The initiative urges Damascus to work cooperatively with Arab governments to address issues such as drug smuggling, the disappearance of detainees, and refugees.
Syria‘s top diplomat will meet with Arab foreign ministers in Jordan on Monday to discuss rejoining the Arab League as part of a broader political settlement to the country’s more than ten-year-old conflict, according to officials.
Syrian Foreign Minister Faisal Mekdad and his counterparts from Egypt, Iraq, and Saudi Arabia are expected to attend the meeting, which will discuss a Jordanian plan to bring about a political settlement of the conflict, according to officials in the Jordanian government.
Two weeks ago, the Persian Gulf Cooperation Council met with Egypt, Jordan, Iraq, and other Arab nations in Jeddah, Saudi Arabia, but negotiations on Syria’s potential assimilation were unsuccessful.
It is the first such meeting with a senior Syrian official by a group of Arab nations, the majority of which supported the decision to suspend Syria’s League of Arab States membership in 2011 after a crackdown on demonstrators opposing President Bashar al-Assad’s authoritarian rule descended into a bloody civil war.
Arab nations and those most impacted by the conflict are attempting to come to an agreement on whether to invite Assad to the 19 May Arab League summit in Riyadh to discuss the pace of normalizing relations with Assad and under what conditions Syria might be allowed back.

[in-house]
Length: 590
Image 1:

According to officials, the Jordanian initiative asks Damascus to collaborate with Arab governments on a step-by-step plan to end the conflict.
The issue of refugees, the fate of thousands of missing prisoners, drug smuggling between Syria and the Persian Gulf, and the presence of Iranian militias in Syria would all be addressed as part of this plan.
Saudi Arabia, the regional superpower, has resisted normalizing relations with Assad, but it has stated that a new approach with Damascus, which is under Western sanctions, was required following its rapprochement with Iran, Syria’s key regional ally.
There was opposition to inviting Assad to the Arab League summit at the Jeddah meeting. Qatar, Jordan, and Kuwait said it was too soon before Damascus agreed to negotiate a peace plan.
Arab officials have been flocking to Syria in recent months to re-engage and normalize relations with the Syrian president, Bashar al-Assad, rather than to provide assistance to the victims of the earthquake that struck the northwest of the country, killing approximately 6,000 people.
Last month, Sultan Haitham bin Tariq welcomed Assad, who was making only his second state visit to Oman since 2011. Oman has never severed ties to Damascus.
These authorities have legitimized these visits with regards to offering help and fortitude to the Syrian nation after the quake. However, this justification is baseless, revealing the extent to which these nations are eager to reestablish relations with the Assad regime in the midst of an ongoing war that has destroyed the country, displaced more than 12 million people, and killed more than half a million.
Ironically, the earthquake primarily affected cities like Aleppo, Hama, Latakia, and Idlib, some of which are not under the control of the Syrian government.